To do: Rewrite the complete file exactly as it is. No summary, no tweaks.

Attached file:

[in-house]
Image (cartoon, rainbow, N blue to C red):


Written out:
[in-house]
Image (cartoon, rainbow, N blue to C red):